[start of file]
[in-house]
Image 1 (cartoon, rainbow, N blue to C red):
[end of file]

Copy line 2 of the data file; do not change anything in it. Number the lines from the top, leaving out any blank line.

Image 1 (cartoon, rainbow, N blue to C red):